Rest assured that the onslaught of small, contemporary off-road camping trailers has not dried up demand for the trusty teardrop camper trailer of yesteryear, according to an article at MotorTrend.com.
Teardrops are still popular, and there are plenty of companies still building teardrops throughout the country. In fact, the teardrop industry has boarded the overland trend with its own proliferation of off-road treardrop campers suited for endless nights in the wilderness. They come with knobby tires, beefed-up suspension, plenty of ground clearance, and articulating hitches.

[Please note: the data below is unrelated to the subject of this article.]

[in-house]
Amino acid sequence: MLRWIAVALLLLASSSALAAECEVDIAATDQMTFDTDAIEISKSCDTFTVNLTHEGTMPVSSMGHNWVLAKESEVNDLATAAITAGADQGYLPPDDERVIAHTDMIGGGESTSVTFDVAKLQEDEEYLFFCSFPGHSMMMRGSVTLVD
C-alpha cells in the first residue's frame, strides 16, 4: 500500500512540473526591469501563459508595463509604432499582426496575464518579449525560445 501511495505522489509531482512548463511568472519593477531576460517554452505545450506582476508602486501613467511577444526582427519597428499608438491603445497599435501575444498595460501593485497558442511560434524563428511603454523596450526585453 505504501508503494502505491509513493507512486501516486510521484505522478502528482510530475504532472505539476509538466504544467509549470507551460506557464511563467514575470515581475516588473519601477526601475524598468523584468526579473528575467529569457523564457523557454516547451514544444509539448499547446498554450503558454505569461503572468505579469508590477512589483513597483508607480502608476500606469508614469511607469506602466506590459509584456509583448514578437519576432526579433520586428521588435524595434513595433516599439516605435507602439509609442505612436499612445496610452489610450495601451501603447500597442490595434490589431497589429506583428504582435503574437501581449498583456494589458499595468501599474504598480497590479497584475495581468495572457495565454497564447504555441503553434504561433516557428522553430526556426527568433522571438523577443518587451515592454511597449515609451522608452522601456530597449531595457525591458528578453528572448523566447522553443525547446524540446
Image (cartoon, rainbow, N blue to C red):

When it comes to discerning what distinguishes a teardrop trailer from other similarly sized off-road trailers, well, it can get a bit muddy. In the end, it doesn’t really matter, but for the sake of this piece, we’re basically going by instinct: It must have that iconic teardrop shape. Rather than sharp and boxy, they’re bubbly. With rounded fronts and tapered rears, teardrop trailers look like teardrops. They also must be traditionally teardrop in size. By nature, teardrop trailers are small and towable by what you probably have in your driveway.